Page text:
1. Thanks, Emma and Lisa, for your comments.

      I agree that those not “normal” are meant to keep us open-minded–about what it means to be human. (Heck, maybe “human” is not the right word, as I believe that dogs and cats and other animals are often our best examples of “humanity.”)

      But my question more about how we might cope if we ourselves are incapacitated. As yoga practitioners, we are working our consciousness and control (so to speak) of our bodies and minds. We try to observe, regulate, refine, and, yes, control, our movement, breathing, sensory perception, and mental fluctuations. So, if we lose such control, what is our practice then? Is there a way to practice yoga in such circumstances?

      1. It’s a fair question and I have no idea what the answer is. Perhaps we could practice during our ‘good’ days (or hours or moments). Maybe a teacher could guide us despite poor memories and short attention spans. But how to practice mental control when are minds are deteriorating? I really don’t know. I don’t know how or even why.

        Thanks for the thought-provoking post.

  3. Sounds like a heart-breaking story.

    Yoga is a way to help us live life more fully – no to stave off the inevitability of death. We can’t take it as a “preventive” medicine, unless it’s to prevent us from living in fear of the future.

    Yoga teaches us to accept life gracefully and sadly, these types of illness are also a part of life.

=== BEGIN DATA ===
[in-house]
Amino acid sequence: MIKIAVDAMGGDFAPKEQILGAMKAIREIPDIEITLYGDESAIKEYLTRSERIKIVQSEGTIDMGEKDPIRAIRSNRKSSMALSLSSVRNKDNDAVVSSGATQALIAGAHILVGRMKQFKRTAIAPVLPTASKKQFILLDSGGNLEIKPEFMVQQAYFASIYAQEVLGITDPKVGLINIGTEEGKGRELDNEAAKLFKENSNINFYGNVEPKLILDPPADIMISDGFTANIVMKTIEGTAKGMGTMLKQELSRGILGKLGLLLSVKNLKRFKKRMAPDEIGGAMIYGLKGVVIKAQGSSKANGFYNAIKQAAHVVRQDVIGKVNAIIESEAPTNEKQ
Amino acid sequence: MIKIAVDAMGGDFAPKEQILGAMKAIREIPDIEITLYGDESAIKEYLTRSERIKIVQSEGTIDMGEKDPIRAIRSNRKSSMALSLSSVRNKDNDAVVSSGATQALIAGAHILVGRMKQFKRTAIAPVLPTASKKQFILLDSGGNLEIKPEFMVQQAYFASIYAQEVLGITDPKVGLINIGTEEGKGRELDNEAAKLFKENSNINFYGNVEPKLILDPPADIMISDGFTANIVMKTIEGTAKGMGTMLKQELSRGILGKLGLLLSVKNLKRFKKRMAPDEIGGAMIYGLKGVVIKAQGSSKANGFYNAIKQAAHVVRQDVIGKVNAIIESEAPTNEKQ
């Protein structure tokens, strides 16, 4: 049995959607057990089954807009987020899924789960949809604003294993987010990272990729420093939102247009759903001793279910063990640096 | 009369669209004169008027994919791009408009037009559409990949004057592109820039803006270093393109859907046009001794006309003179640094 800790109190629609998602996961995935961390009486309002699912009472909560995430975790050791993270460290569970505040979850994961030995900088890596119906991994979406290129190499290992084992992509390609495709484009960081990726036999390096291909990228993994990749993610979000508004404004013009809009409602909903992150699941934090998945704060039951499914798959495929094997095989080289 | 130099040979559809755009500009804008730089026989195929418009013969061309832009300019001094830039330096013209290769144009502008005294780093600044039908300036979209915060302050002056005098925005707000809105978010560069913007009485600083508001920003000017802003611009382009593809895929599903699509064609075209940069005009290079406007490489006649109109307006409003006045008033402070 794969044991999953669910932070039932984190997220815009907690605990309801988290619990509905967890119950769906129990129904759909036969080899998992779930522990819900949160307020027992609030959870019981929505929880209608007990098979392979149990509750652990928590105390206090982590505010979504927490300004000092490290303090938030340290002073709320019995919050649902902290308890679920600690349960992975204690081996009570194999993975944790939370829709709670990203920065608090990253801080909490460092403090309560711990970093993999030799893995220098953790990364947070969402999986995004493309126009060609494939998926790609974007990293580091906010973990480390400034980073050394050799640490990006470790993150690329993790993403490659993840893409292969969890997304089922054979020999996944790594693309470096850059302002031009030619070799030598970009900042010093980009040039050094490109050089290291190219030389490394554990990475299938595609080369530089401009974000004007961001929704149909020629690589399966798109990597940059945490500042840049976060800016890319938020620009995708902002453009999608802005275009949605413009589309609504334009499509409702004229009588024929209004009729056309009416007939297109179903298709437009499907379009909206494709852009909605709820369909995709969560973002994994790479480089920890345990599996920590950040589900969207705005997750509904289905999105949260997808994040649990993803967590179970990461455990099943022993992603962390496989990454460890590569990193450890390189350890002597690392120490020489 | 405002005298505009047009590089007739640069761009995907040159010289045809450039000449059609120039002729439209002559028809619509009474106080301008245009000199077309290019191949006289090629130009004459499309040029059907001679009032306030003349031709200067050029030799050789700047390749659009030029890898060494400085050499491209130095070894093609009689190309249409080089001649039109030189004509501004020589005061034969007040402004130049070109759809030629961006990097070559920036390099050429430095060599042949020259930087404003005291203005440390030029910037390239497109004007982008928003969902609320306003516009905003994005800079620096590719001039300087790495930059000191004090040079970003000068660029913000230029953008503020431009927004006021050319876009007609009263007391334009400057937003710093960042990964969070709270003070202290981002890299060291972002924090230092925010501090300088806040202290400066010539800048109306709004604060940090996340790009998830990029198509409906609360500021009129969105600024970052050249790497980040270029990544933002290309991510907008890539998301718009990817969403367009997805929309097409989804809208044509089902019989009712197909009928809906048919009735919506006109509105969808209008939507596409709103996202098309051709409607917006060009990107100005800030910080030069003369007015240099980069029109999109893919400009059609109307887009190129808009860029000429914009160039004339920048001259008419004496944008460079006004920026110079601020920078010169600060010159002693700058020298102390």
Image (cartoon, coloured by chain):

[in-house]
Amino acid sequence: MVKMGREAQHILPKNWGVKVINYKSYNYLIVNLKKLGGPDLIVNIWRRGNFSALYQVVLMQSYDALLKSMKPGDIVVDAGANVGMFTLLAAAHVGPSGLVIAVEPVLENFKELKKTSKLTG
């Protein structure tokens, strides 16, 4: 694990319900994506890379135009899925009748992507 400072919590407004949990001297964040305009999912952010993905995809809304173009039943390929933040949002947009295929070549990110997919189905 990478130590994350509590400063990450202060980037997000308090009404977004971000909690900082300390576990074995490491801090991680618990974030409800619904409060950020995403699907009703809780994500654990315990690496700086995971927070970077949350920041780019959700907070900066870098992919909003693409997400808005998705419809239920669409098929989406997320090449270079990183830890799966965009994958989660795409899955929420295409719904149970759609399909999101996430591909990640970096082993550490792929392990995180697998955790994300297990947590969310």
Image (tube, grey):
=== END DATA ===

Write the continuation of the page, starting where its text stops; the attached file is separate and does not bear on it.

I can’t imagine how difficult it would be to suffer from Alzheimer’s or dementia. Possibly the elements of yoga such as breathing and relaxation techniques could be of great help to sufferers of these conditions – who are truly living only in the moment?

    Beautiful post – thanks for the thoughts.

  4. I have thought about this a lot, since my mother suffered from vascular dementia and my sister is institutionalized with Alzheimer’s. I know that my practice helps with almost all of the risk factors, except genetics.
    My hope is that even if I do eventually suffer from dementia, the “seeing things as they are” that we cultivate in yoga will help me to remain as clear as I can for as long as I can.
    And after that?
    You can slow the progress of Alzheimer’s by living well. Beyond that, there will inevitably be a time when practice ends.
    Wouldn’t it be nice if we could choose the way we die?

  5. Presupposes that dementia is a cause of difficulties. I believe it is an effect. To believe that one MUST or even MAY lose control is violating aparagriha; to live free of disease one must let go of the idea that diseaase is paramount. Not to mention that besdt practice of Yama and Niyama minimizes odds of acquiring illness/dis-ease.